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Earth of fire

Actualité volcanique, Articles de fond sur étude de volcan, tectonique, récits et photos de voyage

Publié le par Bernard Duyck
Publié dans : #Actualités volcaniques
Shishaldin - thermal anomalies on 26.12.2019 / 13h05 - Doc. Mirova_MODIS_Latest10NTI

Shishaldin - thermal anomalies on 26.12.2019 / 13h05 - Doc. Mirova_MODIS_Latest10NTI

At Shishaldin, on Unimak Island in the Aleutians, a low-level eruption continues.

However, the seismicity was higher than the previous days, and very high surface temperatures were detected during the night at the summit ... an ective lava flow was observed by satellite; it extends over 500-1,000 meters on the northeast flank.

The alerts and aviation code remain at Watch and orange.

Episodic explosions and collapse of the casting front can produce small ash plumes at any time.

 

Sources: AVO, Mirova and Sentinel-2

Shishaldin - Sentinel-2 L1C image on 2019-12-26 bands 12,11,8A (above) and Sentinel-2 L1C image on 2019-12-26 SWIR (below) / same position  - one click to enlarge
Shishaldin - Sentinel-2 L1C image on 2019-12-26 bands 12,11,8A (above) and Sentinel-2 L1C image on 2019-12-26 SWIR (below) / same position  - one click to enlarge

Shishaldin - Sentinel-2 L1C image on 2019-12-26 bands 12,11,8A (above) and Sentinel-2 L1C image on 2019-12-26 SWIR (below) / same position - one click to enlarge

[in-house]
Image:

The VAAC Anchorage informs of a resuspension under the effect of  winds of the ashes of Novarupta, estimated present at a flight altitude 060 / 1,800 meters.

This phenomenon is common in winter and is repeated every year or so.

 

Source: VAAC Anchorage 26,12,2019 / 23:33 UTC

Mount Titiroa - the coral Rock - photo R.Turnbull / GNS Science

Mount Titiroa - the coral Rock - photo R.Turnbull / GNS Science

A travel idea in the south of New Zealand, in Fiordland National Park, at Mount Titiroa, where an old magma chamber from Gondwana, which has been eroded, can be discovered in a wonderland of scattered pinnacles and rocks with strange shapes.

Mount Titiroa - Rock basins - photo J. Thompson / GNS Science

Mount Titiroa - Rock basins - photo J. Thompson / GNS Science

The white granite that forms the summit and the high ridges of Mount Titiroa formed in the form of liquid magma at a depth of 10 to 15 km along a line extended on the margin of Gondwana about 120 million years ago. years. These magma chambers fed a chain of volcanoes on the surface above them. This chain of magmatism can be traced through New Zealand to Queensland (Australia) and also in Antarctica. Here, the overlying rocks have all been eroded to reveal the fossilized magma, now crystallized in granite. The weathering broke the granite into scattered and stacked rocks and further into loose sand, containing crystals of feldspar, quartz and biotite mica.

It's a great place to explore the labyrinth of carved rocks - a photographer's paradise! You will notice that on some of the granite surfaces there are bowl-shaped depressions. These took tens of thousands of years to form under the action of freezing and thawing of the ice on the surface of the rock. Remember to count the rocks which are rounded while others are broken into thin slabs.

 

Source: Geotrips - A moonscape of sculpted granite rocks - link

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